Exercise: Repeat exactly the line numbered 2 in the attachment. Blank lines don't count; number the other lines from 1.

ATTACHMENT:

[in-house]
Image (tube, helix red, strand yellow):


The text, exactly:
Image (tube, helix red, strand yellow):